Davison tax bills sometimes go to wrong personProblems are usually due to misunderstandings about who owes, or who is supposed to pay, taxes when property changes hands.
By: Ross Dolan, The Daily Republic
Davison County property owners who haven’t paid taxes in a while could be in for a surprise when that tax bill arrives.
“People are getting upset because they’re not getting tax bills,” Commission Chairman John Claggett said Tuesday, “and some property owners are annoyed when they end up with a large tax bill and penalties.”
Such problems are not due to county error, but typically occur with late-year property sales, Director of Equalization Kathy Goetsch explained. Problems are usually due to misunderstandings about who owes, or who is supposed to pay, taxes when property changes hands.
Notices may go to the wrong person, and by the time the next bill goes out to the right person, it may have more than one year of taxes on it.
At Claggett’s request, Goetsch and administrative assistant Betty Hegge reviewed property tax timelines at Tuesday’s county commission meeting at the courthouse in Mitchell.
Taxes should come as no surprise, Goetsch told the commissioners.
“If you buy property, you owe taxes,” she said, and the same rules apply for everyone. Tax notices for all property must be mailed out Jan. 1.
If property owners do not receive a notice, they should call her office, she said.
Unpaid property taxes carry a penalty of 10 percent a year, according to Treasurer Brenda Veldheer.
Property taxes are paid in arrears, Goetsch explained.
That means, for example, that:
• In 2012, property owners paid taxes on 2011 property assessments.
• In 2013, property owners will pay taxes on assessment notices they will receive in March 2012.
Misunderstandings can sometimes arise when property is sold, or in some cases, split between a seller and buyer, after the Nov. 1 assessment cutoff date.
It can be confusing, Goetsch acknowledged.
In the case of splits, the tax notice, which must be in the mail by Jan. 1, will go to the original owner and the new owner could mistakenly believe the taxes are paid.
The new ownership arrangement should be reported to her office as soon as possible so tax notices for a late-year property sale can be adjusted.
In worst-case scenarios, and if the buyer fails to check, the buyer may not get an updated tax notice for a year or more.
Goetsch said buyers and sellers should be very clear about the status of property taxes at any property closing.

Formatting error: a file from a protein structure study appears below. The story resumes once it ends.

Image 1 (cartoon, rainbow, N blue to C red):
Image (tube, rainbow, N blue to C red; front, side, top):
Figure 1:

In other business, the commissioners:
• Approved the expenditure of $18,000 from the 2013 Highway Department budget to rebuild the transmission and rear end on the county’s 1983 grader. Weinberg said the old machine is still reliable and makes a good back-up machine. New graders cost more than $200,000.
• Approved a new agreement with Beadle County to supply secure juvenile detention services at a cost of $180 a day, a price that is up from $160 a day.
• Accepted the resignation of former Davison County State’s Attorney Pat Smith, effective Dec. 14, the day Smith was sworn in as a judge in the First Judicial Circuit. The commissioners have appointed Jim Miskimins as Smith’s successor.
• Noted there will be a farewell party from 2 to 4 p.m. today for outgoing District 2 Commissioner Jerry Fischer. “It’s been a pleasure serving with you,” Commissioner Denny Kiner said to Fischer. “We didn’t always agree, but I really appreciated the institutional knowledge you brought to the commission.” Fischer said he will remain available for consultation should the need arise. He will also maintain his position as the head of the county’s Local Emergency Planning Committee (LEPC).
• Were informed by Zoning Administrator Dan Sudrla that Gary Stadlman has volunteered to continue serving on the County Planning and Zoning Commission.
• Were told by Sudlra said the unspecified announcement listed as a Tuesday agenda item was simply that applications for conditional use permits and variances must be submitted before noon Friday to be considered at the Jan. 8 meeting of the county Planning and Zoning Commission.
• Approved the purchase of a $1,758 display model tire-changing machine from the 2013 Highway Department budget. The machine will replace the county’s worn-out, 30-year-old model, Weinberg said.
• Requested of Weinberg that future information on the condition of county bridges contain the name of the township where a bridge or culvert is located, as well as the names of cross streets.
• Directed Jail Administrator Don Radel to check further into programs offered by Correctional Risk Services. Kiner said the company screens inmate medical expenses at no cost to the county, and keeps a portion of the savings it recovers. “It will give us an extra set of trained eyes,” Kiner said.
“The question is, are we being charged a fair amount for what is being prescribed?” Claggett said. “This month we had 74 claims, including one prescription bill for 30 tablets at $500.”